Hall of Fame Inductee – Player – Stan Hill
Stan played basketball for New Zealand for 14 years, nine of them as captain. A high point of his extensive career was leading New Zealand to a historic victory over Australia in 1978 under the direction of Coach McKean. Hill played in New Zealand for several provincial and franchise teams, helping each to become national title contenders, and he also played successfully in England and in the United States for San José State. Hill was offered a chance to play in the American NBA, but opted for a club in England instead. Hill later turned to coaching after he returned to New Zealand, which included being assistant coach of the national team.
Hall of Fame Inductee – Contributor – David Rout
David Rout was President of the New Zealand Basketball Federation from 1986 to 1990. He served on the Federation for 15 years. Along with Cedric Cudby, he was responsible for introducing miniball into New Zealand, which continues to be loved by young Kiwis today. He was heavily involved in coaching in Lower Hutt, Mid Canterbury and Otago, particularly at the secondary school and junior level.
David is a life member of Basketball New Zealand and Basketball Otago. He is a past recipient of the Sir Lance Cross Award and received a Member of Honour of FIBA Oceania for his outstanding services in the FIBA Oceania Zone.
Hall of Fame Inductee – Player – Anita Hannen
Anita Hannen was a tall dominant player of the 1950’s and 1960’s. She was one of the longest serving representative New Zealand Women’s Basketball players, selected to play in 10 teams from 1950 and finishing in 1961, including the 1957 Australian tour team.
Hall of Fame Inductee – Contributor – Barry Wilson
Barry Wilson started his basketball career as a player for 40 years, from 1952 through to 1992. Wilson has been an avid administrator of basketball, totalling 51 years’ service. He has held numerous administrative positions including with Wellington YMCA Basketball, Wellington Basketball Association, New Zealand Men’s Basketball Council, and sole administrator for the Boy’s Institute of Basketball. He also founded and administered the Central City Basketball League, a sub Association to Wellington Basketball with over 100 Teams, which he ran for 23 years.
Wilson has worked as a Wellington Basketball Association Executive and then Chairman for several years. He formed and administered the ‘Centrals Club’, which had 14 teams in the Wellington Association. He was an executive member of the New Zealand Basketball Federation for 14 years.
Wilson is also lauded for his work forming the New Zealand National Basketball League (NBL) and was the League’s Commissioner for seven years, Executive Member for four years and Chairman for two years.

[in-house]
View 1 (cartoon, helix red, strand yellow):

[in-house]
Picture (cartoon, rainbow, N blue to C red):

In 2006 Wilson became the acting CEO of Basketball New Zealand for six months. He joined the Basketball New Zealand Board from 2007 to 2011, as well as being the Basketball New Zealand representative on the NBL Board from 2009-2011. He was also the NBL Disputes Commissioner from 2011-2015 and has been a New Zealand Basketball Foundation Member since 2009. Barry is a life member of Basketball New Zealand and the Wellington Basketball Association.
Hall of Fame Inductee – Player – Colin Agnew
Colin Agnew was a core figure during New Zealand’s initial exposure to international basketball. He was a member of the first New Zealand Men’s team to tour in 1955. Colin played for New Zealand in all subsequent national teams until 1962, captaining the 1959 and 1962 sides. He was then appointed National Coach from 1964 to 1970. Keen to see New Zealand’s basketball standards improve, Agnew took the opportunity to spend time learning at San Jose University with Stu Inman. Colin was also involved administratively in the establishment of basketball in Hamilton in the 1950’s, serving two terms as President.
Hall of Fame Inductee – Contributor – Cedric Cudby
Cedric Cudby was a Manager of New Zealand Men’s teams between 1965 and 1971. Cedric was a member of the New Zealand Men’s Basketball Association and the New Zealand Basketball Federation for 18 years (1963- 1980), where he was Vice-President from 1972-1980. He was recognised by FIBA who awarded him with a Movers and Shapers Award for his contribution to the sport here and in the Oceania region.
Cudby later represented New Zealand on FIBA and was instrumental in ensuring that Oceania became an official FIBA Zone, which in turn meant New Zealand had regular international games, particularly with Australia. Cudby played a significant role in the initiation and development of Walter Nash Stadium in Lower Hutt, and is also a life member of the Hutt Valley Basketball Association and Basketball New Zealand.